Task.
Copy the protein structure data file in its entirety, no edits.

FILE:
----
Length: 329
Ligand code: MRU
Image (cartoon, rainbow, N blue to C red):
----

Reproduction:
Length: 329
Ligand code: MRU
Image (cartoon, rainbow, N blue to C red):